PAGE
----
Thursday, January 10, 2013

Snow and stuff

Snow Claw coming off roof
 Sometimes snow makes beautiful things and sometimes just causes big headaches. The first couple pictures were created by the snow gradually warming up and sliding forward off the steel roof of my garage. The snow extends a couple foot without breaking this morning as the below freezing temperature last night saved it from collapse. The second picture show the entire length of the slide. I expect the whole thing will fall off today as temperature rise well above the freezing mark and the weight will become too great to bear. You don't want to be standing under it when it goes as it usually comes off in one big swoosh.

Snow sliding off roof
The same snow that made this beautiful piece of snow art work gave a couple of guys a very long day. They come up to put a garage door on a barn not too far from here on Leetonia Road just the other side of the State Forest Boundary. They had started their day at 3 am, since they drove up from Lancaster area to do the work.

Things went pretty good for them until they finished and started to head home. They plugged the drive into the GPS and guess what the shortest route is....right through the State Forest. Around 2 pm they passed my house heading down the last mile of the plowed road in a 7 ton box truck. They
Truck stuck mess
rounded the corner and the snow got a bit deeper by the time they got to the first curve a 100 yards down the road they were in trouble. They came to a sliding ditch halt in front of Mick's old place.
They had spent about an hour and a half digging their truck out of the ditch when I decided to take my daily walk in that direction a walk I was surprised to see this huge truck now stuck in the middle of the road. They  planned to get it out and continue down the road.  I informed them this plan would not work as they would only get in worse snow and narrower steep and more dangerous roads, they realized they would have to turn around. .
Pine branch truck stuck mess continues

I continued the walk I planned for another 3/4 mile and turned around to walk home. Not to my surprise they were still struggling with one shovel. I offered to bring them back a shovel when I got home so they both could dig. It is about a half-hour walk from their truck to my house. So I loaded a shovel and drove it to the end of the plowed road and walked it to them.  Being young men they were determined they could get this truck out by themselves and had began shoveling tracks for the truck down the road.
I asked, "Are you going to shovel the entire road?"
The one guy replied, "Yes."
I looked at the fifty feet they had chipped and shoveled through in the last three hours and looked at the 1000 feet left and the clock at 4:30 PM and thought to myself, No way, it would be dark soon. I told them darkness would come soon and it would be difficult to see what they were doing. I didn't think they knew how dark it gets back here. The kind of dark you can't see your hand in front of your face dark. They continued to dig. I showed them how to use pine branches to help with the slipping under their tires. I call them back woods chains. I told them where I lived and to just drop the shovel in front of the house if they get out. Then I added it is about a half-hour walk. I told them I would come check on them by 7:30 to make sure they were okay if I didn't see them get out.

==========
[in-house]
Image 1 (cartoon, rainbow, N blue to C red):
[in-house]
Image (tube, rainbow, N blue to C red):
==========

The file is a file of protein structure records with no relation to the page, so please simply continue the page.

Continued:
At 7:15 they were knocking at the door. I turned the light on to see two young men, wet, cold, tired, carrying a light and their water. One of them said, "You sure walked a long way, and it is really dark out there.  I just smiled in agreement, betting they were a bit more scared then they let on. We did some calling around and no one wanted to come pull them out. No one except Wayne Williams of Gaines Garage who said he was in New York and wouldn't be back until late. Since, I have kids a little older than these guys, my mothering instinct kicked in and I got them Hot chocolate and some hot chicken soup and had them sit by the fire to dry out a bit. They were so tired we both had to beg them to eat. 

We filled them in on a few local stories and around 10:30 PM, Wayne showed up with the tow truck. It wasn't until 11:45 PM and $500 later the truck was back on the road and they had another three hours of driving to get home. I am sure they woke up this afternoon stiff and sore and in a few days will probably have a great survival story from the woods of Leetonia.

Meanwhile for anyone trying to come up keep in mind the weather will be warm which means slushy snow and difficult if not impossible travel conditions. Four-wheel drive and chains are mandatory, along with a shovel and the ability to walk for help. Mountain girl, Paula, logging out.


rockhouse said...


What a story you have told...and such a nice person to return with a shovel. I guess the "school of hard knocks" may have taught these fellows a lesson...duh. It gets cold in the mountains after the sun goes down! They (and you) were lucky that the towing fellow would come for them or you might have had guests overnight?

Sandye said...

Wow! For living on a back mountain road that's somewhat sure do have a ton of stories that happen in your area!! <3